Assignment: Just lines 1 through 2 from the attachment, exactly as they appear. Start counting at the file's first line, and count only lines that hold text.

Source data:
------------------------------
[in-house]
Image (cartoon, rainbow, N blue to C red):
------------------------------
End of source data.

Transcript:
[in-house]
Image (cartoon, rainbow, N blue to C red):